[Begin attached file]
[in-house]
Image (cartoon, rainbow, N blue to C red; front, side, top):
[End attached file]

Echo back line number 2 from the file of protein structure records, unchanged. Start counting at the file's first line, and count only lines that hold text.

Image (cartoon, rainbow, N blue to C red; front, side, top):